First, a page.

Comcast Corporation is a telecommunication company with three main divisions; Xfinity, Sky Group and NBCUniversal. All services fall under the same business strategy umbrella "to create technology and entertainment that connects millions to the moments that matter the most".
The firm aspires to build a more environmentally sustainable company by focusing on four key impact areas to provide sustainable innovation. These are Energy & Emissions, Products & experiences, materials & waste, and engagement & outreach. Key long-term goals include zero emissions, zero waste and 100% renewable energy. These are encouraging as it signals to investors the direction the firm is aiming for and provides the measurability of the firm's sustainable performance.
The business does face a variety of ESG risks including data security, regulations and social media activism in response to content production that causes offence with viewers. The biggest issue, however, is the firm's Governance structure, operating a dual-class structure with CEO Brian Roberts having 33% voting control of the company with less than 1% economic interest. This structure allows the abuse of the voting system to favour one shareholder over the wider concerns of the firm's shareholders and stakeholders. Other issues include the ability for the board to amend company rules without requiring a vote, shareholders' inability to call special meetings and a 75% majority vote to remove Roberts as CEO. With 33% of the voting rights, this is not possible unless Roberts himself voted for his own removal highlighting the bias of the Corporate Governance structure.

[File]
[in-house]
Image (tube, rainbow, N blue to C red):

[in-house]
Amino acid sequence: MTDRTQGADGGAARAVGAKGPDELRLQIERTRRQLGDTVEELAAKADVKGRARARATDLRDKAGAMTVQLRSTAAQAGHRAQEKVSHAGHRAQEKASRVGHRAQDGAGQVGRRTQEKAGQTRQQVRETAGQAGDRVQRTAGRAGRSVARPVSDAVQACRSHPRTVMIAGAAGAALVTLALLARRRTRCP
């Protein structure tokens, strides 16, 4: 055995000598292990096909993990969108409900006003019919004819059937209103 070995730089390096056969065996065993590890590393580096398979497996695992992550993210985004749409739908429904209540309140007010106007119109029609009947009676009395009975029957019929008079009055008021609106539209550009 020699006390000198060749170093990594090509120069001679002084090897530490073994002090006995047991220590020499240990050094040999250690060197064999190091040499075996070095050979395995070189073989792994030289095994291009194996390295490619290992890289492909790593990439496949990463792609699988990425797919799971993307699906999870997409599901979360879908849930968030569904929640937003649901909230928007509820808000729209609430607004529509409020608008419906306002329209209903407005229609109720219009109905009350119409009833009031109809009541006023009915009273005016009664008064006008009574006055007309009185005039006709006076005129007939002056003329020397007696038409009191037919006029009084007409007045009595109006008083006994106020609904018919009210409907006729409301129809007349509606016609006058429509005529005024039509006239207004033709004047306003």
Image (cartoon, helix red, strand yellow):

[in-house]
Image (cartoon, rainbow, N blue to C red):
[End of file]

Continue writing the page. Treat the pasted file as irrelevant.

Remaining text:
Pepsi is probably the major flag on the larger NASDAQ holdings when applying an ESG screen. The firm produces the iconic beverage, served in more than 200 countries. The main drawback here is the sugar content of drinks, with Governments clamping down on production on high-sugar beverages via regulations, including the sugar tax in the United Kingdom (UK). From a responsible investor's viewpoint, the consumption of products that could damage the wellbeing of customers is a no-go. Linking to UN Sustainable Development Goal 3: Good health and wellbeing, sugary drinks have been linked to chronic diseases such as diabetes and obesity and as such, should arguably be excluded from ethical investments.
Rounding out the top 15 with a market cap of USD$ 150 billion, is Costco, an American multinational company that operates membership-only warehouses that offer a variety of consumer cyclical and non-cyclical products. The firm aims to uphold its sustainability responsibilities relating to its supply chain and employees, focusing on business activities that have a positive impact on society. However, the firm has had issues around Corporate Governance, which led to a variety of reforms, including adopting new and updated voting practices. However, concerns still remain for investors, including the inability of shareholders to influence decisions on the appointment of directors on the company’s board.
We believe that as ESG factors become paramount to investors, and with the US market offering strong returns, it is important to conduct due diligence on potential holdings during the fund selection process. By better understanding the responsible and sustainable practices of companies, we can better identify the robustness of the manager's processes before investing.